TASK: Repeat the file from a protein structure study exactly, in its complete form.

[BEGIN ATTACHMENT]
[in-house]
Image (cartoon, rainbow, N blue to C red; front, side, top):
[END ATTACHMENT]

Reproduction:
[in-house]
Image (cartoon, rainbow, N blue to C red; front, side, top):